This must have been written by a Croat, after all their government wants to found an independent Croatian "Orthodox" Church. The idea is silly, not to mention the tiny number of people who would follow it (literally around 500, smaller even than the Church of Sinai, hardly proper for an entire country the size of Croatia). It's really just a terribly cruel joke on the part of the Croatian nationalists to make fun of the Orthodox Church. It's like when China set up its still alive and well Chinese National "Catholic" Church and the reaction of Rome to that. If there are Croats who want to convert to Orthodox Christianity, I have no problem with that, join the Serbian, or whatever nearby Orthodox parish, there is in your area. Other Westerners who convert to Orthodoxy don't petition their governements to start their own Orthodox jurisdictions, they join Greek or Russian or what ever other parish may be there, (even the Western Rite Orthodox are provided with jurisdictions by the Orthodox bishops, be they Greek, Russian, or the few Romanian parishes, they don't just setup these jurisdictions themselves) and unless the majority of Western Christians unite with the Orthodox Church, it will most likely remain so. Only the conversion of a large enough number of Croatians, and the willingness of the Serbian Patriarchate to grant autonomy and later autocephally to such a church structure could there ever be a "Croat Orthodox Church", which is doubtful since Croats who convert to Orthodoxy are Serbs and Serbs who convert to Roman Catholicism are Croatians. The national identity is defined by the religion one practices. Secular Governments can not just "establish" Orthodox Churches, the Orthodox Hierarchy has to agree to or reject such a situation and provide accordingly.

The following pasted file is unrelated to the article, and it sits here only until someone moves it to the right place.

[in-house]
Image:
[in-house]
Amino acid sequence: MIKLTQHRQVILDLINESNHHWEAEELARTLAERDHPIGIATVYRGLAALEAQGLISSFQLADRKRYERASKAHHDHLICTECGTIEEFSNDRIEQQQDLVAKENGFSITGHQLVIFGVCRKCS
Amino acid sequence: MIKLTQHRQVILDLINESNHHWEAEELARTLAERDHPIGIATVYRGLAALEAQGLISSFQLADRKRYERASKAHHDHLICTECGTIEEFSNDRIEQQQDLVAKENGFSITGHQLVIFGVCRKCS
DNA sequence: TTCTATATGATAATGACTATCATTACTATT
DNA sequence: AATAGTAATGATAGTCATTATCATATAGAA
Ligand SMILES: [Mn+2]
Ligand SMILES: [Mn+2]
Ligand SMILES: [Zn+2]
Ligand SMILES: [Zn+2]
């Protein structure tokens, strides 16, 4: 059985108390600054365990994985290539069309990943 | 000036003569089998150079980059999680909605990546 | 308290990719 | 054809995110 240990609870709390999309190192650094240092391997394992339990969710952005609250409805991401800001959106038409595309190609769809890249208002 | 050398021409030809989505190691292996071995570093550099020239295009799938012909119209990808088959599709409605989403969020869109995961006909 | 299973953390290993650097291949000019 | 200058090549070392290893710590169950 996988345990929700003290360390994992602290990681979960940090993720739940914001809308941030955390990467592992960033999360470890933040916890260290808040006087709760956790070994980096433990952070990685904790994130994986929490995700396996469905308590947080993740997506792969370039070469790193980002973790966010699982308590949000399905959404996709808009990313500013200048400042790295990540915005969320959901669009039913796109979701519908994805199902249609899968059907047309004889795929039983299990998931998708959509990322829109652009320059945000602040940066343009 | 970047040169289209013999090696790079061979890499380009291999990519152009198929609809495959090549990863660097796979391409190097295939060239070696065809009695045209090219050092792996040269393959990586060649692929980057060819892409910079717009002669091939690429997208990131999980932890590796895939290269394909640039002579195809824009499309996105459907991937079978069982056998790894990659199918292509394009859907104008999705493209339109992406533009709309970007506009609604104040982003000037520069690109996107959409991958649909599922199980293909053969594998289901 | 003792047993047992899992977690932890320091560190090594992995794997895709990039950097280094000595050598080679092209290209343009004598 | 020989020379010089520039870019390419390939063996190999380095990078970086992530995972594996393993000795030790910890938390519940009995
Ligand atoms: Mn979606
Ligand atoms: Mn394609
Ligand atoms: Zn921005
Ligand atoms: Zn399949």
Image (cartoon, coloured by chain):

I'm not going to deny that many Serbian priests actively supported the war, but whether or not they even knew about the human rights abuses, much less supported them sounds very unlikely. This also ignores how the Serbian Patriarch, and many high ranking church members lead massive protests against the war. This sentence cannot represent the Serbian Orthodox Church as a whole.